3.1 Studies’ characteristics

After searching the databases, a total of six studies [3-8] including 386 subjects (202 in the dexmedetomidine group and 184 in the midazolam group) were included in the final meta-analysis. The publication searching flowchart is shown in Figure 1. The paper publication years range from 2009 to 2013 with a minimum sample size of 20 and a maximum sample size of 100. The general characteristics of included studies are shown in Table 1.

Publication searching flow-chart
Figure 1

Publication searching flow-chart

Table 1

General information of included studies

3.2 Quality evaluation of each study

All of the six studies reported adequate sequence generation.Three3 studies used blindness methods and 2 publications were free of selective reporting. However, only 1 publication reported allocation concealment. The general methodological qualities of the included 6 studies are shown in Figure 2.

General quality of the included 6 studies.( “+/Yes” for low risk; “-/No” for high risk; “?” for moderate risk)
Figure 2

General quality of the included 6 studies.( “+/Yes” for low risk; “-/No” for high risk; “?” for moderate risk)

3.3 Statistical heterogeneity

The statistical heterogeneity across the 6 studies was evaluated by chi-square (χ2) test, and the inconsistency was demonstrated by I2. Significant statistical heterogeneity was found across the studies with chi-square of 13.05 (I2=61.7%, p<0.05).

3.4 Meta-analysis

Because of significant heterogeneity across the studies, the data was pooled by random effect model. Pooled data showed the postoperative delirium risk in dexmedetomidine group was significantly lower than that of the midazolam group (RR=0.20(95%CI:0.09~0.47, p<0.05), Figure 3).

Forest plot of postoperative delirium risk between dexmedetomidine and midazolam group
Figure 3

Forest plot of postoperative delirium risk between dexmedetomidine and midazolam group

3.5 Sensitivity analysis

Sensitivity analysis was performed by omitting each of the included studies. The results showed that the RR was not changed significantly by omitting each of the studies. This indicated the meta-analysis results were stable and not sensitive to any one of the 6 studies, Figure 4.

Forest plot of sensitivity analysis
Figure 4

Forest plot of sensitivity analysis

3.6 Publication bias

Publication bias was assessed by Begg’s funnel plot and Egger’s line regression test. The Begg’s funnel plot showed obvious asymmetry at the bottom (Figure 5) and Egger’s line regression test also indicated significant publication bias (t=-6.51, p<0.05).

Begg’s funnel plot for evaluation publication bias
Figure 5

Begg’s funnel plot for evaluation publication bias

4 Discussion

Postoperative delirium is common in patients who received postoperative mechanical ventilation sedation. Postoperative delirium is known as an acute organic mental syndrome which has been shown to affect up to 80% of patients who received postoperative mechanical ventilation or treated in intensive-care units (ICU) [9]. As has been reported, the risk factors for delirium included elderly age, sleep deprivation, metabolic abnormalities, alcohol or drug abuse and postoperative sedation [10, 11]. Several studies had reported that the development of postoperative delirium can increase the risk of morbidity, mortality, postoperative complications, and prolong the time of hospitalization [12]. Dexmedetomidine and midazolam are two kinds of drugs commonly used for postoperative mechanical ventilation sedation [13-15]. The risk of developing delirium with these two drugs was not completely clear. Several studies compared the postoperative delirium risk for dexmedetomidine and midazolam in patients treated with postoperative mechanical ventilation. Maldonado JR [3] and his colleagues reported a prospective randomized controlled trial comparing the postoperative delirium risk for patients that received dexmedetomidine, propofol or midazolam for postoperative sedation. They found that the incidence of postoperative delirium were 3% and 50% for receiving dexmedetomidine and midazolam respectively with statistical difference. However, Xiao et al [7] performed another study evaluating the postoperative delirium risk in patients who received dexmedetomidine or midazolam for postoperative mechanical ventilation sedation. They found that postoperative delirium risk between the two groups was not statistical different. These inconsistent results may be caused by weak statistical power because of the small sample size of each study.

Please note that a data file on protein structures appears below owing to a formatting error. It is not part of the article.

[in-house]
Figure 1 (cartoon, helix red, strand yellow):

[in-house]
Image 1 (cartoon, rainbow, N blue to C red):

In this meta-analysis, we investigated the effects of dexmedetomidine versus midazolam on postoperative delirium in patients who received postoperative mechanical ventilation. In this study, we included six clinical trials with 386 subjects (202 in the dexmedetomidine group and 184 in the midazolam group). The postoperative delirium risk in the dexmedetomidine group was significantly lower than that of midazolam group (RR=0.20(95%CI:0.09~0.47, p<0.05)). Compared with midazolam, patients that received dexmedetomidine for postoperative mechanical ventilation sedation had less risk of developing delirium.

Dexmedetomidine is one of most used drugs for analgesia and sedation in mechanical ventilated intensive care unit (ICU) patients and was approved by the Federal Drug Adminstration (FDA) in year 1999. Dexmedetomidine is known as a highly selective α2-adrenergic receptor agonist. It can bind to transmembrane G protein-binding adrenoreceptors in brain and spinal cord tissues [16, 17]. Clinically, dexmedetomidine has the effects of analgesic and sedation without suppressing the respiratory system. So, dexmedetomidine is wildly used for postoperative mechanical ventilation sedation. And in our present meta-analysis, we also found that compared with midazolam, patients that received dexmedetomidine for postoperative mechanical ventilation sedation had less risk of developing delirium.

Several limitations were also observed in this meta-analysis. Firstly, only six studies were included in this meta-analysis. Secondly, significant statistical heterogeneity was found across the included studies which may decrease the statistical power. Thirdly, there was obvious publication bias in this meta-analysis. Because of the above limitations, well designed prospective randomized controlled trials are needed to further evaluate the delirium risk of dexmedetomidine and midazolam in patients treated with postoperative mechanical ventilation.

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About the article

Tel: +86 022-65665663


Received: 2017-01-18

Accepted: 2017-06-13

Published Online: 2017-08-10


Conflict of interestConflict of interest statement: Authors state no conflict of interest


Citation Information: Open Medicine, Volume 12, Issue 1, Pages 252–256, ISSN (Online) 2391-5463, DOI: https://doi.org/10.1515/med-2017-0036.

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© 2017 Wang Peng et al.. This work is licensed under the Creative Commons Attribution-NonCommercial-NoDerivatives 3.0 License. BY-NC-ND 3.0